If Anna Dello Russo were in her early twenties today, she would be a fashion blogger, covering only the freshest trends from Paris, Milan and New York runways for as soon as an item has hit boutiques worldwide to be sold to the masses, it becomes a has-been (she enjoys applying this philosophy to her outfits, except for shoes that occasionally predate her clothes by a few seasons). Having been born decades before anyone could predict the rise of fashion blogging, she started working for Condé Nast Italy with a university degree in Art History. Although hers seems to be a classic tale of spending months working odd hours and fetching coffee to your superiors before they finally give you a real job - a world miles away from fashion bloggers scoring designer gigs with major brands - Anna Dello Russo sits in the front row of those who have benefited from the fashion blogging revolution in spades.

Anna Dello Russo, photo via style.com

One of the most significant consequences of fashion blogging becoming popular and relevant was that it started putting faces to people working in fashion industry - editors, journalists, stylists etc. - who usually sheered away from the limelight for various reasons (their work was more important, exposure was reserved for celebrities, they had no time to give interviews and attend events unrelated to business ...) However, when photographers behind street style blogs began operating around tents at fashion weeks, they were actually taking photos of insiders in their natural habitat, being closer than ever without anyhow disrupting them. The audience was suddenly presented with visual abundance shedding light on the individuals it had previously only known by their names and positions. As a lot of editors, journalists and stylists have both great personal style and access to clothes and accessories that help them cultivate it, it has since become a custom for the initiated to display the same level of interest for fashion week outfits and new collections, although pieces of the former were already seen half a year ago.

Carine Roitfeld, Emmanuelle Alt and Kate Lanphear - textbook cases of fashionistas' blossoming interest for "behind the scenes" - accept the hype without much commentary; they have acknowledged it and they sometimes pose for photos, but that's all. Anna Dello Russo takes the game one step further by choosing to be a much more active player than others (she has reportedly admitted that she no longer dresses only for herself, but also for bloggers and photographers);  the interesting thing about her modus operandi is that while she is undeniably in for the attention, the reason she remains the only insider who has actually built relationships with young people marking the new era of fashion is also that she genuinely sympathizes with them. Anna differs from the generic, black-clad army of "fashion people" in her childlike candor and seemingly endless supplies of enthusiasm, traits that you would have no trouble attributing to fashion bloggers biting their nails in anticipation of reports from fashion weeks, September issues of Vogue and red carpet events.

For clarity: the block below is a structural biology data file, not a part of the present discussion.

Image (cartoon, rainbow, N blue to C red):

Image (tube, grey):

Anna Dello Russo by Tommy Ton

Building relationships certainly pays off for Anna; she has invited a couple of bloggers to visit one of her two Milan apartments - first Garance Doré and Scott Schuman, then Tommy Ton of Jak & Jil (the above photo belongs to a series that he shot in the home of more than 4000 pairs of shoes, not to mention the rest of the inventory) - and continues to be heavily featured in their work in return. It is really a win-win situation: the fact that she is a fixture on the most popular fashion blogs in the world keeps her style icon status strong and people flock to said blogs to stay updated on her eccentric outfits.

Anna is so street smart that she even uses the same tools as bloggers. She connects to her friends and fans via Twitter,  updating it several times a day with snapshots from her life, and keeps her own blog, although it is probably her assistants who put together the posts. She has made herself very accessible - everyone can comment on her blog or send her a message on Twitter - leaving the age-old role of an impeccably aloof fashion persona to bright sparks who don't know better and building bridges between those in the know and those wanting to be in the know. If you are a fashion blogger, chances are you are going to like the idea that the Fashion Director-at-Large at Vogue Nippon spends at least a fraction of her time doing the same things as you. Many feathers are ruffled by the fact that Anna Dello Russo has been elevated to stardom because of bloggers and not her styling or editorial work. However, it is only normal that those who understand the spirit of our time always remain one step ahead.